"I can't put it into words. He was a phenomenal coach and it didn't matter if you played soccer or not, he helped bring out the best in every athlete," Wilkins said.
Wilkins took over as the boys coach in 2004 and will enter his 16th season this fall leading the Eagles.
"When I took over for him, he was a mentor to me, helping me through all the trials and tribulations of being a young coach," Wilkins said. "He always had a calming and encouraging word, I would talk to him after almost every game."
His accolades as a soccer coach went well past Vermont. Werner was named National Federation of Interscholastic Coaches Association Coach of the Year in 1995. He was Vermont Soccer Coaches Association Coach of the Year award six times, the last in 2002, the NSCAA New England Coach of the Year award four times, and the Marble Valley League Coach of the Year on five different occasions.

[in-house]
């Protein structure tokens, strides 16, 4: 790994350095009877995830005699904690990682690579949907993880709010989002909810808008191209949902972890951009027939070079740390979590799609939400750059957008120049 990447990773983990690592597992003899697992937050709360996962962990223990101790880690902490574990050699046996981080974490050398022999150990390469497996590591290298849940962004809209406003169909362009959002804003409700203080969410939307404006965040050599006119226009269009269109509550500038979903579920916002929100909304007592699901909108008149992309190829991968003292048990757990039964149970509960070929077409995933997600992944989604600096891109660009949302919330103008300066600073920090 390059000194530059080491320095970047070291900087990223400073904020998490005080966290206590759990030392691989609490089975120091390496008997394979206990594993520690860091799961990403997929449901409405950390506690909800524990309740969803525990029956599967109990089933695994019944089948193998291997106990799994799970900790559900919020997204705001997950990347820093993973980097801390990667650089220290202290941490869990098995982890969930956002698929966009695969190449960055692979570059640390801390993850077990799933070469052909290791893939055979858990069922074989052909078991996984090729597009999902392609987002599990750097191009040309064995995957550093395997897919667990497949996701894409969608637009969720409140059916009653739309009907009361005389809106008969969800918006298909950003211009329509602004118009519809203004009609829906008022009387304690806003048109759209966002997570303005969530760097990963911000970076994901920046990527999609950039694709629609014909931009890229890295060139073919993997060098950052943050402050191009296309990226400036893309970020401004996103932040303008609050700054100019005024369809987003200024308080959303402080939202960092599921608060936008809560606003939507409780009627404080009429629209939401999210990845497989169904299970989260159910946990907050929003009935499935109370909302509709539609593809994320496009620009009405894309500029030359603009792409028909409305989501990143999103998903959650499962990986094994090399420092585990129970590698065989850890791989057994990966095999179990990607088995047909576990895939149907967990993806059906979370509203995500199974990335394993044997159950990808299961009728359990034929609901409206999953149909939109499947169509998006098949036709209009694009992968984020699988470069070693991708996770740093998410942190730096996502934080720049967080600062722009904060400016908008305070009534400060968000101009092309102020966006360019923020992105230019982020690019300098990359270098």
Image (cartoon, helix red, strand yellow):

Werner started the area's youth program in 1975 and established a summer camp in 1978, at Fisher Elementary School. He also began a TOPsoccer program a couple of years ago, designed for people with disabilities to get into and enjoy the game of soccer.
"He had this way to mix in life lessons, how to treat people with kindness and respect," Wilkins said. "You don't see that with a lot of people. He showed how to live life a better way."
Dan Wood, an assistant for the girls varsity team at Arlington, played for Werner in the early days of his career.